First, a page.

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The Lucifer of Liège – Belgium

Even though the original structure of St. Paul Cathédrale de Liège goes back to the 10th century, it’s been built over a few times, and today it is mostly comprised of 13th and 15th century architecture. It became a Roman Catholic cathedral in the 19th century due to the destruction of Saint Lambert Cathedral in 1795. The Liège revolutionaries considered it a symbol of the power of the Prince-Bishop. Thus, once the revolutionary mood had passed, another church had to be chosen to replace the destroyed cathedral and the collegiate church of St. Paul, the nearest to the centre of the city, became the current Liège Cathedral. In the midst of this Gothic marvel, filled with works of religious art, sits a stunning statue of the fallen angel Lucifer embedded in the niche of the pulpit stairs.

Know in English as the “Lucifer of Liège,” its real name is “Le génie du mal“ (The Genius of Evil), It was carved by Belgian sculptur Guillaume Geefs in 1848 and it depicts a tortured beautiful young man. Francophone art historians most often refer to the figure as an ange déchu, a “fallen angel”. As idealized as his image is, he is actually a replacement of another Lucifer carved by Guillaume’s younger brother, Joseph, a few years prior. Joseph’s sculpture, “L’ange du mal” (in english “The Angel of Evil”), was installed in the Cathedral in 1842, but church officials removed it from the cathedral because of its distracting allure and “unhealthy beauty”. The local press intimated that the work was distracting the “pretty penitent girls” who should have been listening to the sermons. Thus, Bishop van Bommel soon ordered its removal, and the building committee passed the commission for the pulpit sculpture to his big brother Guillaume, who was commissioned to come up with a replacement statue that wasn’t so…distracting. His version was installed at the cathedral permanently in 1848.
Guillaume Geefs was put in charge of designing the elaborate pulpit for St. Paul’s, the theme of which was “the Triumph of Religion over the Genius of Evil”. Both brothers became famous for creating monumental and public sculptures in honor of political figures, expressing and capitalizing on the nationalist spirit that followed Belgian independence in 1830.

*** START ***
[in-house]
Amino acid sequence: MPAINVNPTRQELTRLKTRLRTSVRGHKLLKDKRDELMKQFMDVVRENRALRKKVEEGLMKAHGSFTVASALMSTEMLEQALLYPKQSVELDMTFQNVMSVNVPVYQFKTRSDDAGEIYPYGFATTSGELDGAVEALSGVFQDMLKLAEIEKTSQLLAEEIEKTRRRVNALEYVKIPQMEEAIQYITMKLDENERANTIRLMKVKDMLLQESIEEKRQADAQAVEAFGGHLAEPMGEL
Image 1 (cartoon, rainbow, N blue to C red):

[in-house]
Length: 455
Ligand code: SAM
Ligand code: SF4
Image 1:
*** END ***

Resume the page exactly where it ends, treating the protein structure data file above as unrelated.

Despite everything, It might be easy to mistake the Lucifer for one of the saints that ring the front of the pulpit, where Peter, Paul, Hubert the first Bishop of Liège, and Lambert of Maastricht reside. However, the details reveal his true identity: the curved walls at his sides are bat wings, the apple, a “forbidden fruit” at his feet has been bitten, his chained toes are sharp like claws, and small tell-tale horns emerge from beneath his hair.
Horns are symbols of the satanic or demonic, even if, in a parallel tradition of religious iconography, its represent points of light. Gods from antiquity who personify celestial phenomena such as the Sun or stars are crowned with rays, and some depictions of Moses, the most famous being that of Michelangelo, are carved with “horns” similar to those of Geefs’ Lucifer.
However, the most apparent icon of L’ange du mal is the placing of Lucifer in bondage, with his right ankle and left wrist chained. In 19th-century reinterpretations of ancient Greek and Christian myths, Lucifer was often cast as a Promethean figure, drawing on a tradition that the fallen angel was chained in Hell just as the Titan had been chained and tortured on the rock by Zeus: “The same Prometheus who is taken as an analogue of the crucified Christ is regarded also as a type of Lucifer,” wrote Harold Bloom in remarks on Mary Shelley’s 19th-century classic Frankenstein, subtitled The Modern Prometheus.
Guillaume Geefs’ addition of chains, replacing the sneering serpent in Joseph’s version, displays the angel’s defeat in pious adherence to Christian ideology. At the same time, the struggle of the tortured genius to free himself from metaphorical chains was a motif of Romanticism, which took hold in Belgium in the wake of the Revolution of 1830. Historically, the Belgians had just secured their own “liberation”, and over the following two decades there had been a craze for public sculpture, by the Geefs brothers and others, that celebrated the leaders of independence.

Local Source confirmed by Wikipedia. All photos are mine.

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